Police at the scene of a March 2016 drive-by shooting in the Wakesiah Avenue area of Nanaimo. Armaan Singh Chandi was arrested in the incident and is standing trial in B.C. Supreme Court in Nanaimo. (News Bulletin file)

Police at the scene of a March 2016 drive-by shooting in the Wakesiah Avenue area of Nanaimo. Armaan Singh Chandi was arrested in the incident and is standing trial in B.C. Supreme Court in Nanaimo. (News Bulletin file)

One man pleads guilty as trial for 2016 drive-by shooting in Nanaimo begins

Crown counsel makes opening argument in B.C. Supreme Court trial

The trial for a man accused in a 2016 broad daylight drive-by shooting in Nanaimo began Monday in B.C. Supreme Court in the city.

Armaan Singh Chandi, 18 at the time he was charged, pleaded not guilty to use of a prohibited firearm with the intention of committing murder, reckless discharge of a firearm, concealing his face with the intention of committing an indictable offence, dangerous driving and failing to stop for a peace officer. Richard Fowler is Chandi’s legal counsel.

In his opening statement, Nick Barber, Crown counsel along with Caroline Narraway, said the shooting took place in the area of Wakesiah Avenue and Second Street/Jingle Pot Road. Crown is alleging that at around 4 p.m. on March 1, 2016 a 911 call was made with an individual stating that his vehicle had been struck by gunfire.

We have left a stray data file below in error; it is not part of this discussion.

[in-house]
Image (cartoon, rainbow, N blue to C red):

Following an all-points bulletin, RCMP began searching for a blue Mazda 3 and located a matching vehicle on the south end of Cedar Road. Inderpal Singh Aujla, 19 when he was charged, was driving and Chandi was the passenger, said Barber. Nine casings were recovered at the shooting scene and seven bullets were located, some of which had struck the man’s vehicle.

A “considerable police chase” ensued through Ladysmith, where two officers were injured, and both men were arrested in Duncan, said Barber. After a police search, a “pistol frame” was recovered, and Barber said he will show it was used in the shooting.

Clothing was located in the vehicle, including a balaclava, and a 10-round magazine fitting the pistol frame, which Barber said was empty. He told Baird he anticipates DNA experts will testify that Aujla’s DNA was found on the pistol frame, while Chandi’s was located on balaclava. Barber also said he anticipates calling witnesses who will testify that both had gunshot residue on their hands.

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The trial will resume tomorrow, Jan. 15.

Subsequently, in front of B.C. provincial court Judge Douglas Cowling, Aujla pleaded guilty to using a restricted firearm for attempted murder. He also pleaded guilty to failing to stop a vehicle for a peace officer.

The News Bulletin was not able to get comment from Dutt.

The man who was shot at in the car was not injured.

Barber said the trial is expected to take two weeks.



reporter@nanaimobulletin.com

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